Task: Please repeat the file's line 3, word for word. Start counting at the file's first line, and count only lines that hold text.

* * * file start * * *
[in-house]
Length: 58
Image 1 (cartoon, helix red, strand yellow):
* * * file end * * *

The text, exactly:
Image 1 (cartoon, helix red, strand yellow):